Sunday, April 10, 2011

Among Other Defects in Kangaroo Sumi's Court...

....or is that supposed to be "Sumi's Kangaroo Court"....?

Van Hollen finally (FINALLY!!!) opened up the 105's and let 'em rip in what's called a "Petition for Supervisory Writ."

And I mean "let 'em rip":

Among the black letter law and clearly enunciated jurisprudence ignored by Judge Sumi in issuing three TROs which purport to invalidate the Budget Repair Bill and enjoin it from becoming law are the following:

* Legislators are immune to civil process during the legislative session and are therefore not subject to the jurisdiction of the Court.
* The TROs purport to enjoin actions by parties not named in the action.
* The last TRO purports to make a declaration of law, an act which is unlawful on its face.
* The TROs were issued without the Court having even considered the threshhold issues as to whether it had jurisdiction to consider the claims before it.
* The remedy sought–and granted–is not available under the Open Meetings Law.
* DAs do not have the Constitutional authority to bring actions challenging the constitutionality of statutes.
* The courts are have no power under the state constitution to “intermeddle” in the legislative process prior to a bill becoming law, a process which is not complete under Wisconsin law until the bill is published, the very act the TROs purport to enjoin.
* Wisconsin Supreme Court precedent plainly states that legislation may only be invalidated where it violates the constitution beyond a reasonable doubt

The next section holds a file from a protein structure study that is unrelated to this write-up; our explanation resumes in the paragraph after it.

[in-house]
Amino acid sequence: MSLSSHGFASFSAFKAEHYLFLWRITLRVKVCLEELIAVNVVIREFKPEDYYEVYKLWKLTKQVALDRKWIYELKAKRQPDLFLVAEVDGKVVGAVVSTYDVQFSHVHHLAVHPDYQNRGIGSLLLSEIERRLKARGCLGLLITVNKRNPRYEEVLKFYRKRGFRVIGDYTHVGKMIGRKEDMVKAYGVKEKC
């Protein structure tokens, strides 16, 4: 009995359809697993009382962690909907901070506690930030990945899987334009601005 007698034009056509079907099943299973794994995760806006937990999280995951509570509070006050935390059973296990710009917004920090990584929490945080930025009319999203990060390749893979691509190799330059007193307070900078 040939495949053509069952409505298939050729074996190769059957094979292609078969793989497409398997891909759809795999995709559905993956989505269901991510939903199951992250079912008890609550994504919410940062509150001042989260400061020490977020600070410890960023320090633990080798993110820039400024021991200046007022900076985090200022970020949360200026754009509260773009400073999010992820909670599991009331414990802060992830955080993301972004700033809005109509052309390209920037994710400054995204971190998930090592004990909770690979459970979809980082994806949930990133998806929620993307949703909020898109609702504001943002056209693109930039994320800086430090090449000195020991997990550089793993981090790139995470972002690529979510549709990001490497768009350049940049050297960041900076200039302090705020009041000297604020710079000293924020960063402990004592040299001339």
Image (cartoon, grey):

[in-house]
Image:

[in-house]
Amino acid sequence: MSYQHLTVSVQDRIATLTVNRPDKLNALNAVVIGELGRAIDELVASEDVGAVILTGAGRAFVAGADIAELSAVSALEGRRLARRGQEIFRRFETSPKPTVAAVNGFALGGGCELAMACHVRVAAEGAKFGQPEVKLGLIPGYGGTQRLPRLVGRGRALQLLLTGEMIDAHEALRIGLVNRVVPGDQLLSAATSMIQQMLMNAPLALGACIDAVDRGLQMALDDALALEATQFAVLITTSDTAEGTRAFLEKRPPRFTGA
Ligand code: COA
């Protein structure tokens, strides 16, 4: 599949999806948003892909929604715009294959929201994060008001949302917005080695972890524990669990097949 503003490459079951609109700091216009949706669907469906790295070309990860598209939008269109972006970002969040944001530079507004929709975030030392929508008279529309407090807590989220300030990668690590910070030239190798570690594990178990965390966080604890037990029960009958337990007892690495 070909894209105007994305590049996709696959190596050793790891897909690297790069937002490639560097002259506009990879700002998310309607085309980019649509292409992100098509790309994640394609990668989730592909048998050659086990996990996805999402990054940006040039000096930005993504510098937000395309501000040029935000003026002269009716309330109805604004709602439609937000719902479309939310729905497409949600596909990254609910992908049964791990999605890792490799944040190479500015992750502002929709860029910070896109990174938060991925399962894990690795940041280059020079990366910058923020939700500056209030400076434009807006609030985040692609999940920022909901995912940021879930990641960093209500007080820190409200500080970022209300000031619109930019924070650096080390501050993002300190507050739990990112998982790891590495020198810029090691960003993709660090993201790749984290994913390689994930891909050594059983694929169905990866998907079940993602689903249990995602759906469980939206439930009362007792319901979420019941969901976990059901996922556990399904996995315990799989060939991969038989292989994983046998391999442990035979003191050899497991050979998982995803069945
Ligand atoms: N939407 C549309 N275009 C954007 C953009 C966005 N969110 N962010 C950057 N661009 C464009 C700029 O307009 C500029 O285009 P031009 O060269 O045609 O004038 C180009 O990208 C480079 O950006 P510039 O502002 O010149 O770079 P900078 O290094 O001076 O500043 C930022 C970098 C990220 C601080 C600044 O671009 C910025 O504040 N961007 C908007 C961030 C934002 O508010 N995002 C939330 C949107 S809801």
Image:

* Legislative procedures which are not constitutionally guaranteed rights are subject only to political remedies; the Open Meetings Law, a statute, is not one such and treating it as one amounts to an amendment to the state Constitution
* Attempting to enjoin the Secretary of State is invalid under the doctrine of sovereign immunity, which the Secretary may not waive.

I'd like to see her courtroom reduced to a smoking pile of sandy rubble.

This ignorant politician scumbag (and the ditto DA) have to be made to understand that if they choose to invalidate the rule of law, they have chosen hemlock.



James Pawlak said...

If you are serious about the courtroom, I can send you a design for a small fuel-air bomb which will "do the trick".

There do seem to be some laws against progressing beyond the intellectual exercise of a mere design.

Anonymous said...

I bet She is just going to get her hand slapped, nothing more, and she will be back later on to pull more crap like this. It is the Democrat, Communist, Socialist, totalitarian way!

Anonymous said...

I don't have the legal crystal ball that some have and thus it is difficult to predict how this will all shake out. A lot of interesting questions are raised, particularly with respect to the lawfulness of a prior restraint. An argument can be made that the law should have been published and then invalidated under s. 19.97.

The old Goodland case may have been modified by the legislature itself which chose to include itself, for the most part, within the Open Meetings Law. The rules of statutory construction say that when the legislature enacts new law it does so with knowledge of existing law and that its acts are presumptively constitutional. The legislature itself may have engaged in waiver, which it can do, by choosing not to exempt itself from the voidability provisions of the Open Meetings Law.

There is a lot to this and, as I said, you'll have to wait for things to shake out.

Anonymous said...

"I'd like to see her courtroom reduced to a smoking pile of sandy rubble."

I see you're invoking the ghost of Timothy McVeigh. How mighty civil of you!

Why don't you get your anony friend who advocates sodomy to do your handiwork?